Jr. Pac-Man

Jr. Pac-Man
Company: Atari
Model #:
GCC (General Computer Corp.)
Year: 1984
Based on the 1983 Bally Midway coin-op


First there was Pac-Man, and it was good.  The video game generation had finally found its mascot, and no one thought life could get any better.  Then there was Ms. Pac-Man, and players wondered how we got along with only one maze and stationary bonus items for so long.  Finally there was Jr. Pac-Man and gamers were simply blown away...


Jr. Pac-Man was the natural sequel to Pac-Man and Ms. Pac-Man (I hope she's Mrs. Pac-Man now), and as such expanded on the classic Pac-Man formula.  Jr. Pac-Man adds several new enhancements so it's no coincidence that most people consider Jr. Pac-Man to be the ultimate Pac-Man game.


The first and most obvious enhancement is the scrolling maze.  Now mazes can fill several screens which leads to new patterns and strategies.  However since there is no radar in Jr. Pac-Man, players need to remember which parts of the maze they've already cleared.  Thankfully the 5200 handles this scrolling beautifully with no jerky motions.


The next major enhancement was the addition of giant dots.  Giant dots are actually made from normal dots after they come in contact with a bonus prize.  While the giant dots are worth more points than regular dots, they slow Jr. down and make him more vulnerable to the roaming ghost monsters.  It's best to stop the bonus prize before it makes too many giant dots or Jr. may find he doesn't have the necessary speed to outrun a purusing ghost.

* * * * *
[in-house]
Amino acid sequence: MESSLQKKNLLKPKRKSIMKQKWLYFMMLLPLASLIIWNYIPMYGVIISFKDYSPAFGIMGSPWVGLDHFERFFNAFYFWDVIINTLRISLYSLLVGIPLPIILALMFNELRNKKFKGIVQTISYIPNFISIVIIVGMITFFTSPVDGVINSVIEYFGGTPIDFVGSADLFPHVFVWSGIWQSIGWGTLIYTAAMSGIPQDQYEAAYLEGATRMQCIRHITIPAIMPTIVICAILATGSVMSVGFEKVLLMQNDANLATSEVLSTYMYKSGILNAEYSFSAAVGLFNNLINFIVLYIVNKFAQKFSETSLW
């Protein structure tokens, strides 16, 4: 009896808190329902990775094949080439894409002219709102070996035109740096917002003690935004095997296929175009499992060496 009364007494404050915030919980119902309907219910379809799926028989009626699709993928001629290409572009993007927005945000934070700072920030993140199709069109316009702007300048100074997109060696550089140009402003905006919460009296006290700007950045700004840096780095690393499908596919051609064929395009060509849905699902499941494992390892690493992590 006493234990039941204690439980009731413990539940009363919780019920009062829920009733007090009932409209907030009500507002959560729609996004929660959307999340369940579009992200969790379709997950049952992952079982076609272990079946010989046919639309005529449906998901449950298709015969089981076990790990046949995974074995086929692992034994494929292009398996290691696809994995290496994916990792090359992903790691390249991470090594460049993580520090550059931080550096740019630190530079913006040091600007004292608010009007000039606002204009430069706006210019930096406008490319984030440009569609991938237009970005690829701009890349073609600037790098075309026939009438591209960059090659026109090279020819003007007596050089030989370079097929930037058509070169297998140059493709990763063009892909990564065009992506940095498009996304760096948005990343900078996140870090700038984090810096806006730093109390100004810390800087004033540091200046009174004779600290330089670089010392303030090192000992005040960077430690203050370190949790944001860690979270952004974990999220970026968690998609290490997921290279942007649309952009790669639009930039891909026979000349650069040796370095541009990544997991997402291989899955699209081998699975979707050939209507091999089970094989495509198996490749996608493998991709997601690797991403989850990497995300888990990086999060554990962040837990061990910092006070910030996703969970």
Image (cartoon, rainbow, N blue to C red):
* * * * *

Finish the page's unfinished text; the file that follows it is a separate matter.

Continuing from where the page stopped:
The last enhancement is the most deadly.  Now roaming prizes destroy power pellets when they come in contact with them!  There's nothing like running towards a power pellet with a gang of ghost monsters in hot pursuit only to see it destroyed moments before you reach it.  It's best to grab prizes before they move too far or you may regret it later.


Although conversions of Pac-Man and Ms. Pac-Man for the 5200 were decent but nothing extraordinary, Jr. Pac-Man really shines on the 5200.  The only thing missing from this version are the intermissions between levels, which were probably cut due to space considerations.  There is also at least one major bug still in the game which causes power pellets to remain on screen if the player dies while a prize is destroying it.  If this happens the game must be reset as the power pellet cannot be eaten.  However this bug is rarely encountered and usually doesn't interfere with the game.



Jr. Pac-Man was actually developed for all three of Atari's systems (2600, 400/800, and 5200), but only the 2600 version made it out and only after being delayed for 3 years.  Like most prototypes from 1984, Jr. Pac-Man was canceled due to the Tramiel take over and the collapsing video game market.  So Jr. Pac-Man will remain one of the best kept secrets of the prototype world.


Version Cart Text Description
1/24/84 Jr Pac-Man 1/24/84
Complete but has power pellet bug (GCC)
2/28/84 Jr. Pac-Man EPROM Cartridge 2-28-84 Complete but has power pellet bug


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